Deportation regimes mobilise coercive state powers, but also entail extensive paperwork, the latter of which remains underexplored in deportation studies. Building on ethnographic fieldwork in border police units and a migration-related detention centre in Sweden, this article explores how bureaucratic practices of detecting, detaining and ultimately deporting people whose presence has been illegalised are enforced and legitimated through the use of paperwork. Paperwork, we argue, becomes the ‘signature of the state’ that enables state agencies to assert themselves as ‘rational’ actors, even when their own practices are ridden by dilemmas, inconsistency and sometimes arbitrariness. We show how the same documents that are meant to ensure fairness and accountability in bureaucratic processes may render state actions even more unreadable, and further serve to rationalise and legitimise intrusive, violent and discriminatory state actions. The article thus highlights the importance of considering the often-tedious paperwork as essential to the operation of coercive state powers, such as the detainment and deportation of illegalised persons.
Legitimating state violence in the Swedish deportation regime
Lisa Marie Borrelli and Annika Lindberg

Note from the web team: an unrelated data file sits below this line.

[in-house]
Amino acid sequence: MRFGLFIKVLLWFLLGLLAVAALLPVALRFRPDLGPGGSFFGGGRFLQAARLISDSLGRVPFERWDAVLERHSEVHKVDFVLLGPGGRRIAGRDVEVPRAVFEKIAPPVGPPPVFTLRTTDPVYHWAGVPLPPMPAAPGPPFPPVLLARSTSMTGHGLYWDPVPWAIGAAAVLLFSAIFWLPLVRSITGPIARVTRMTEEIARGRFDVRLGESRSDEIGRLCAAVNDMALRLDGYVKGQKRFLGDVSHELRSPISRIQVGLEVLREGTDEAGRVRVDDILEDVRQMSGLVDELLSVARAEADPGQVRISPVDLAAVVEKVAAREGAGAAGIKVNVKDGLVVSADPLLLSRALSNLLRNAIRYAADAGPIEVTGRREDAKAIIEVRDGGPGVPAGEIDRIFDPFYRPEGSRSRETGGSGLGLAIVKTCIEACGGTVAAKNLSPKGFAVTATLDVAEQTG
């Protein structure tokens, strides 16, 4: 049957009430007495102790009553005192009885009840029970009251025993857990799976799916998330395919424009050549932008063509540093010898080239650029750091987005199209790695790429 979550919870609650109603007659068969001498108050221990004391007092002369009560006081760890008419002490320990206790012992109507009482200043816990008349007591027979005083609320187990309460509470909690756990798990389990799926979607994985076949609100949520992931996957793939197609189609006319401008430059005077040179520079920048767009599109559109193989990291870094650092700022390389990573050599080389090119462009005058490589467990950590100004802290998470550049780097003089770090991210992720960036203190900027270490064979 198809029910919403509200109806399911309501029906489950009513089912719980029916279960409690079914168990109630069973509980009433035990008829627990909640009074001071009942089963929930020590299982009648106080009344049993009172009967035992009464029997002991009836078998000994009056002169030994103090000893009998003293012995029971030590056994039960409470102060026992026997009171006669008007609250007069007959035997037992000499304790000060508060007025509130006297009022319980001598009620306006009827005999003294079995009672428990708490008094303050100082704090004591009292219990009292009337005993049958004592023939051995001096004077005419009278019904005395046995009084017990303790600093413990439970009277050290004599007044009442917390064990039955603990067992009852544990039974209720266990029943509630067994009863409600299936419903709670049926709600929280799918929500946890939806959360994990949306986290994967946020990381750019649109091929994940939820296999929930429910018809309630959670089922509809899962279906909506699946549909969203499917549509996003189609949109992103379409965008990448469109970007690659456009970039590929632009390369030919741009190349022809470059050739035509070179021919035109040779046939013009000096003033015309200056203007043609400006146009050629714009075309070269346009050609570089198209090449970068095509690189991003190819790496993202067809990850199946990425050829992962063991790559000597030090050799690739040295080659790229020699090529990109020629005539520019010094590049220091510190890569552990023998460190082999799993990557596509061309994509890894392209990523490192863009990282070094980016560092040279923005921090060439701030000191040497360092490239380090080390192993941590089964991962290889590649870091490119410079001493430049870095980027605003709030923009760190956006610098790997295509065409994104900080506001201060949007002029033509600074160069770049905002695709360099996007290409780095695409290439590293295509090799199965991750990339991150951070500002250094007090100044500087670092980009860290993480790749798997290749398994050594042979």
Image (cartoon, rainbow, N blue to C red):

Governing migration through paperwork
Lisa Marie Borrelli and Sophie Andreetta
In order to better understand migration governance and the concrete, daily practices of civil servants tasked to enforce state laws and policies, this special issue focuses on the core artefact of bureaucratic work: documents, in their diverse manifestations, including certificates, letters, reports, case files, decisions, internal guidelines and judgements. Based on ethnographic studies in various contexts, we show how civil servants produce statehood, restrict migrants’ movements, and engage with migrants’ strategies to make themselves legible. State actors simultaneously limit access to legal statutes and benefits, question their own practices, and use their discretion in order to help themselves as well as migrant individuals. We also highlight organisational and professional differences in the way civil servants deal with migrants, relate to the state and its policies and define their obligations towards both, migrants and the state. This special issue therefore contributes to the study of the state as documentary practice and highlights the role of paperwork as serious practice of migration control.
Lisa Marie Borrelli, Cristina Douglas, and Michele Fontefrancesco
Rules, Paper, Status: Migrants and Precarious Bureaucracy in Contemporary Italy Anna Tuckett. Stanford, CA: Stanford University Press, 2018, ISBN: 9781503606494, 192 pp., Pb. $25
Living before Dying: Imagining and Remembering Home Janette Davies. New York: Berghahn, 2018, ISBN: 978-1-78920-130-7, 158 pp., Pb. $27.95/£19.00.
Unfinished: The Anthropology of Becoming João Biehl and Peter Locke (eds), Durham: Duke University Press, 2017, ISBN: 978-0-8223-6945-5, 400 pp., Pb. $29.95.